KOI

6/11/06

10/7/06

5/26/07

10/13/07

6/11/08

Showa CB**

10.5”

14”

18.5”

20”

20.5”

Showa A**

12.5”

15.5”

20”

22”

22”

Showa B

12.25”

14.5”

15”

17.25”

17.5”

Showa C

12.25”

15.5”

16.5”

19”

19”

Sanke A**

12”

14.5”

17.5”

19”

19.5”

Sanke B

12.5”

14.25”

15”

18.5”

19.25”

Sanke C

11”

15”

16.25”

18.25”

18.5”

** Kept indoors & fed summer food through the first winter.

 

During their first couple of weeks in the quarantine pond, the new koi were fed primarily fresh lettuce and fruits. For the next four weeks they were fed pellets consisting of krill, seaweed, crustaceans, high growth and energy foods, along with fresh lettuce and fruits.  The feeding regimen was 3-4 times daily during the first six weeks.  When the newcomers were introduced to the Olson’s large outdoor pond with larger koi the feeding regimen continued 3-4 times daily. 

 

Following another workshop in October to update the information and pictures of the young koi, half the young trainees were left in the outdoor pond and were subjected to the preferred method of cooling down and encountering a dormant period at their home in the inland Pacific Northwest.  The other half, Showa CB, Showa A, and Sanke A, enjoyed the warmth of the indoor quarantine tank to see if that would actually have an effect on their growth.  The indoor koi were fed a summer regimen while the outdoor koi were fed winter food.  Once outdoor water temperature dropped to 55 degrees feeding stopped in order to give the outdoor koi their four-season cycle.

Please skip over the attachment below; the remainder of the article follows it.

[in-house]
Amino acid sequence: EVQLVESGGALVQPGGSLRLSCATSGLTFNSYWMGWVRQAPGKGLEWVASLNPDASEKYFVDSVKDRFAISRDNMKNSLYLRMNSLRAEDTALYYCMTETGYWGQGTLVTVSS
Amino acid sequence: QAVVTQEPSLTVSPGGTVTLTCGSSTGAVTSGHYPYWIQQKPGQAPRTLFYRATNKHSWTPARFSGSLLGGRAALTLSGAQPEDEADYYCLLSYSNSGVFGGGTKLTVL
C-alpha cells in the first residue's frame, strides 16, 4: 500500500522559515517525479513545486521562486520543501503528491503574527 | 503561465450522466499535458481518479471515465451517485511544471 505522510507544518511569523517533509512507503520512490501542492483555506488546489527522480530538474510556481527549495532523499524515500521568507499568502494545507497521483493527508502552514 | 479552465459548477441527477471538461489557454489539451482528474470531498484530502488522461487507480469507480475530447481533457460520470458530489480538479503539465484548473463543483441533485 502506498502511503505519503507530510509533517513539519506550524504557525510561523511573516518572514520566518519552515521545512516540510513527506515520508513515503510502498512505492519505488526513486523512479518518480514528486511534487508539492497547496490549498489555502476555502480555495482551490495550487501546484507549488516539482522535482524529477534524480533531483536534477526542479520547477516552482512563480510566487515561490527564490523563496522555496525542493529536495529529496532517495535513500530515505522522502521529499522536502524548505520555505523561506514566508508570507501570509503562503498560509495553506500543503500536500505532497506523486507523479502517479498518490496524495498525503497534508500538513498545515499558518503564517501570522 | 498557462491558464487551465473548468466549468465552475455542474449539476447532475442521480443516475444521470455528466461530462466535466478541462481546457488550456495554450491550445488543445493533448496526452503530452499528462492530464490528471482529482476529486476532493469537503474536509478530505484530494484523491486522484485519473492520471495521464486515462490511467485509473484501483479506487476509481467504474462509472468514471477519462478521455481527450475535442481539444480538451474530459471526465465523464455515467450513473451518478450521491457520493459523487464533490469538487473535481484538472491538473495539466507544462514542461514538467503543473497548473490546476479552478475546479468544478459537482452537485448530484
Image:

These koi have suffered no illnesses or injury, and have been allowed to grow undisturbed together among an assortment of larger koi inhabiting this facility.  Following their first winter in Spokane, the youngsters were once again measured and photographed at a May workshop in 2007.  The rest of their summer was spent together in the outdoor community pond.  The progress of the study koi was reviewed again in October before these 7 fish headed into their next winter, all remaining with the group in the large pond outdoors, covered and heated to control the environment as a “normal” winter cooling period.

 

The last workshop was held in June 2008.  Some of these fish have maintained their patterns through the study, while others have changed very visibly.  Shiro skin quality has remained high with all of them while Sumi and Beni have changed as would be expected.  When Mr. Sakai travels to the Pacific Northwest as a keynote speaker at the September PNKCA Convention in Idaho, he has been invited to assess their growth and condition as this study comes to an end.